Osama bin Laden, hunted as the mastermind behind the worst-ever terrorist attack on U.S. soil, has been killed, sources told ABC News.
His death brings to an end a tumultuous life that saw bin Laden go from being the carefree son of a Saudi billionaire, to terrorist leader and the most wanted man in the world.
Bin Laden created and funded the al Qaeda terror network, which was responsible for the Sept. 11, 2001, attacks on the United States. The Saudi exile had been a man on the run since the U.S.-led invasion of Afghanistan overthrew the ruling Taliban regime, which harbored bin Laden.
In a video filmed two months after the Sept. 11 attacks, bin Laden gloated about the attack, saying it had exceeded even his “optimistic” calculations.
On tonight’s edition of Follow the Money on the Fox Business Network, Eric Bolling featured a group of real American heroes and patriots who, year-round, stand at the ready to greet America’s Military heroes as they return home, flying into the airport at Bangor Maine. The “Maine Troop Greeters” are the focus of a movie called “The Way We Get By,” which is based on their experiences greeting the troops as they return home from the Middle East.
What a heart-warming story. And what dedication! This group is ready round-the-clock, with an early shift that gets to the airport for the first flight of each day.
BONUS: Check out the trailer for this movie. If you don’t at least get a lump in your throat, you ain’t human.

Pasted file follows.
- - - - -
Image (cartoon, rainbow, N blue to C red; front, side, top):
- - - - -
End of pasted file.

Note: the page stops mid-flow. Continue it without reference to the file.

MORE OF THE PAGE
At focus tonight was the upcoming “Weekend for Heroes” event, where wounded warriors from Walter Reed are brought down to Ground Zero to see the progress of the projects, some to see the actual site for the first time, and just to get an up-close look and feel at what the site will look like in the future.
Spotlighted were two brave veterans. The first one is Army Cpl. Kendra Coleman, who was in Afghanistan and lost her left leg to an IED while on patrol. Cpl. Coleman is an MP and Paratrooper, and she is anxious to get back to Afghanistan with the rest of her unit in whatever capacity she can. Also shown was Army Lt. Frederick Simpson, who was shot in the left leg during a firefight with the Taliban at the AfPak border in 2005. He was seeing the Ground Zero site in person for the first time, as well, and they both were motivated to join the military after the 9/11 attacks.
(Warning: Video contains a few graphic images from the operating room.)
Army Spc. Channing Moss was impaled by a live RPG during a Taliban ambush while on patrol in Afghanistan. Army protocol says that medevac choppers are never to carry anyone with a live round in him. Even though they feared it could explode, the flight crew said ‘damn the protocol’ and flew him to the nearest aid station. For medics that was their only choice.
Again, protocol said that in such a case the patient is to be put in a sandbagged area away from the surgical unit, given a shot of morphine and left to wait (and die) until others are treated. Again, the medical team ignored the protocol. This video put together by the Military Times includes actual footage of the surgery where Dr. John Oh, a Korean immigrant who became a naturalized citizen and went on to graduate from West Point, removed the live round with the help of volunteers and a member of the EOD (explosive ordinance disposal) team.